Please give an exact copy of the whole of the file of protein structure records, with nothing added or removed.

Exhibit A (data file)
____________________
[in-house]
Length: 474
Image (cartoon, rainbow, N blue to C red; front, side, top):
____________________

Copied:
[in-house]
Length: 474
Image (cartoon, rainbow, N blue to C red; front, side, top):